ELECTRON ARC power supplies designed specifically for the Zirconium Enclosed Concentrated Arc Lamp are described in Technical Bulletin PS-1, available by writing to Mr. Robert M. Merrill, Electron Arc, Inc., 244 Broad St., Lynn. Mass.
MODEL 140 FR ELECTRONIC FLASH
MODEL 140 FR ELECTRONIC FLASH is latest addition to the line of FR Corp., 951 Brook Ave., New York 51. It operates normally on 110-volt 60-cycle house current, or, alternatively, on FR Portable Power Pack, operating on four D-size batteries. The new unit is suitable for any camera with X synchronization and has the following guide numbers: Koda-chrome, 30-35; Ektachrome, 50-55; Tri-X, 220-250. Price of the unit is $29.95 and Power Pack, less batteries, is $14.95.
WALZ FLASH MASTER
WALZ FLASH MASTER, a B-C flash unit folds into a self-contained case which also holds battery, capacitor, and coiled cord, is introduced by U. S. Photo Supply Co., Inc., 6478 Sligo Mill Rd., Washington 12, D. C. The cord is fitted with a P.C. shutter tip plus an ASA shutter tip. Among features are built-in test lamp; additional test lamp for shutter synchronization check; exposure-guide dial on rear of unit; bulb ejector. Price, incl. battery, $12.95.
SLIDE SHOW PROJECTOR K-500
SLIDE SHOW PROJECTOR K-500, a product of Keystone Camera Co., 151 Hallett St., Boston 24, is a semiautomatic model featuring a 5-in. f/3.5 lens and 500-watt illumination said to produce 15 percent more light than the current standard. Slide changes are alternated with blue-green-filtered light to reduce eyestrain. The automatic changer completes the slide-change cycle and advances the tray in a single motion. A pressurized cooling system supplements a louver design that directs light and air away from the operator’s face. A 300-watt model is also available. The 500-watt costs $89.95.
OPTA-VUE 2¼ is a table viewer for 2¼×2¼ transparencies. Viewing surface is 20¼ sq in. (4x magnification). The viewer may be tilted for group viewing and a brilliance control affords compensation for overor under - exposures. Other features are built-in transformer using twin tru-white bulbs, overheating prevention design, and "free”-riding slide carrier. It can be used with 35-mm transparencies. Priced at $19.95, information is available from Optics Mfg. Corp., Amber & Willard Sts., Philadelphia.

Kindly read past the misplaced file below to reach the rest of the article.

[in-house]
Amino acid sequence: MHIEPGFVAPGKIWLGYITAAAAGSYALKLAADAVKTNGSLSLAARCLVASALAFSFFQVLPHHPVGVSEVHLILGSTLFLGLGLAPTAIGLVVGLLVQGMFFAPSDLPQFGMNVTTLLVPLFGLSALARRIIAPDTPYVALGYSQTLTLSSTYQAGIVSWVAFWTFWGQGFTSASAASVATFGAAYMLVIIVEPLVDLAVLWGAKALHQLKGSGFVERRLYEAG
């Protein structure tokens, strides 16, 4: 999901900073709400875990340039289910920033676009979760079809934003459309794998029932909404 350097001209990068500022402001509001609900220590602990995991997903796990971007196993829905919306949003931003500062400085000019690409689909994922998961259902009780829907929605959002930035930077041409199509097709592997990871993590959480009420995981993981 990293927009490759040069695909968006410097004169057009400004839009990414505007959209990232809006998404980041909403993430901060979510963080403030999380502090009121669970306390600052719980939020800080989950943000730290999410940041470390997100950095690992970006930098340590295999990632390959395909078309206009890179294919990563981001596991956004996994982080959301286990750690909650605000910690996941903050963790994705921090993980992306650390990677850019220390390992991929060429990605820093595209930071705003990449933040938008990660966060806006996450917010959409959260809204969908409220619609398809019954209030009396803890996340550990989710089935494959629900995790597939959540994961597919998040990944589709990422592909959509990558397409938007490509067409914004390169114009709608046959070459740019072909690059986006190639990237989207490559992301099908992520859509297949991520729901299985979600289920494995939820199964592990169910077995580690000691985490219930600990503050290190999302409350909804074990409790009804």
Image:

IDEALITE, made by Ideax Illuminator Co., Inc., 480 Lexington Ave., New York 17, is said to be the world’s thinnest transparency illuminator. It has a 10×10-in. luminous surface that is heatless and evenly lighted. Double optical reflection is said to be used here for the first time with a combination of semi-parabolic and flat reflection surfaces providing both direct and reflected light. Price is $24.95.
ULTRAMATIC is the name of a magazine-load 35-mm viewer which shows slides automatically with the push-pull of a small handle. Magnification is 7x. Slides may be permanently stored in the magazine and an index card is included for identification. Prices: $12.95, with battery-powered light source; $16.95, for ac-dc operation, with variable light control. Magazines holding 20 cardboard slides available at 50 cents ea. Manufacturer is Airequipt, 20 Jones St., New Rochelle, N. Y.
BROCKWAY slide viewer
BROCKWAY slide viewer, for 35-mm transparencies, is introduced by Brockway Camera Corp., 1114 First Ave., New York. Designed for table viewing, it gives 7x magnification and has a metal slide changer with fingertip operation. Price is $8.95, with 2 extra bulbs, batteries, and plastic slide case.